interdict cells, prevent additional terrorist attacks, and most
importantly, save innocent lives.
Our efforts to block the funds that finance acts of terrorism are also
bearing impressive results. So far, over 160 countries have joined us
in freezing $124 million in terrorist assets. More than 250 terrorist
groups and entities have been designated under the President's
executive order that freezes U.S.-based assets.
Countries around the world have submitted reports to the United
Nations on the actions they have taken to block terrorist finances, as
required under UNSCR 1373, which calls on all nations to keep their
financial systems free of terrorist funds.
The 31-nation Financial Action Task Force, the world's leading setter
of standards on anti-money laundering and antiterrorist financing,
adopted strict new standards to deny terrorists access to the world
financial system. More than 80 countries and jurisdictions have
adopted, or [are] in the process of adopting, new legislation,
regulations and procedures to strengthen their ability to prevent
terrorists from using their financial systems.
The G-8 nations have committed themselves to a range of measures aimed
at seizing terrorist assets. The Asia Pacific Economic Cooperation
group has adopted an ambitious antiterrorist finance action plan.
As a result, it's much harder for terrorists to raise and move money.
Many who have formerly provided financial support for terrorism seem
to have backed away. Some facilitators have been captured or arrested.
The international banking system is no longer a system that terrorists
can safely use. Terrorists must now look over their shoulders,
wondering if it is safe to move, raise funds, plan and conduct
operations.
As a direct result of our efforts, terrorist attacks are declining.
That's right -- declining. We saw a 44-percent drop in global
terrorist attacks in 2002. Attacks against American interests abroad
fell even further: 65 percent from 2001.
These numbers are impressive, and clearly show that our strategy to
defeat the terrorist scourge is working. However, despite our success,
it s important to note that total victory in the war on terrorism is
not near -- far from it.
In fact, the terrorist threat remains very real. Although we have
severely weakened the al-Qaeda terrorist network, it is still a lethal
enemy, capable of planning and carrying out terrorist attacks
globally. Just a little over a week ago, our friends in Pakistan, a
key ally in this coalition, disrupted a potentially pestilent al-Qaeda
scheme directed at our Consulate in Karachi.
Over the past two years, the Bureau of Diplomatic Security has tracked
well over 1,000 terrorist threats directed against U.S. interests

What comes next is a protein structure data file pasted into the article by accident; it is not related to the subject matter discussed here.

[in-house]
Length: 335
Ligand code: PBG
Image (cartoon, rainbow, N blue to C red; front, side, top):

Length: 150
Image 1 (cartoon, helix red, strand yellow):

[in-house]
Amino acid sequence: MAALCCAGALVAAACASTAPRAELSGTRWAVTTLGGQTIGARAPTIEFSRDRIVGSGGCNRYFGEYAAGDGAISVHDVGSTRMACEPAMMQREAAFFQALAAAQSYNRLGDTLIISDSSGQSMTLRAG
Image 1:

overseas. Terrorists continue to threaten our embassies, consulates,
and employees. The threats that we face and investigate on a daily
basis range from a drive-by shooting of a residence to the horrific
possibility of a CBRN-type [chemical, biological, radiological or
nuclear] attack.
We continue to receive, with varying degrees of credibility and
specificity, information that highlights the fact that terrorists may
attack what we call soft targets. For example, terrorists continue to
target and threaten U.S. businesses, public areas of congregation that
have been deemed Western -- for example, a restaurant that is
identifiable with America -- and even churches and religious gathering
centers. Indeed, let us not forget the June 2002 church bombing in
Islamabad, Pakistan, and the bombing in Bali, Indonesia. In addition,
individual businessmen could be targeted for assassination or
kidnapping.
In the immediate aftermath of the war with Iraq, anti-American
sentiment in the region, currently at an all-time high, continues to
rise. The possibility that terrorist elements throughout the world may
be further motivated to plan and carry out attacks against American
interests remains high.
Despite the obvious challenges that lie ahead, I assure you that both
Secretary Powell and I are firmly committed to the safety and security
of American business interests abroad -- it is a top priority.
Your people, your facilities, and your company [are] the cornerstones
for continued economic growth and stability in the United States. A
strong and vigorous private sector that is able to conduct business
abroad is essential to our national prosperity and economic interests.
For U.S. companies to be successful abroad, it is imperative that you
have the critical information you need to conduct business safely
overseas.
Through our Overseas Security Advisory Council [OSAC], one of the
pre-eminent public-private partnerships in the United States, the
State Department and the private sector have worked successfully on
overseas security issues. Thanks to our strong working relationship
and open lines of communication with companies such as ISMA, OSAC has
helped create safer environments for employees, families, travelers,
facilities, and proprietary information. During times of crisis, it is
imperative that we continue to work together through our OSAC
relationship to keep our communication lines open. I will personally
see to it that you receive the important information you need to
ensure the security of your people and interests overseas quickly and
efficiently.
Our Overseas Security Advisory Council here in Washington, and our
regional security officers overseas, are valuable resource with a
wealth of information that are available to provide security guidance
and assistance to the entire American business community in their
overseas endeavors.
In addition, in a number of cities around the world, OSAC has created
Country Councils: mini-OSACs designed to enhance the exchange of
security-related information abroad. These councils encourage security
managers of American private-sector enterprises to organize themselves
and cope with their security problems by pooling their resources.
These council members and our post regional security officers work
together to create an exchange of information through which pertinent
security information is exchanged in a timely manner.
American companies must have the best possible information to make
sound business decisions, especially given the current overseas
environment. The economic prosperity of our great nation depends on
it. If a decision is made without using the best information, it is
not a decision -- it is a guess.
Our commitment to the safety and prosperity of the American private
sector overseas is strong and vibrant, and you can count on our
assistance for many years to come. We are here for you. We are eager
to assist you. We will help you eliminate the guesswork.
Thank you.
(end transcript)
(Distributed by the Bureau of International Information Programs, U.S.
Department of State. Web site: http://usinfo.state.gov)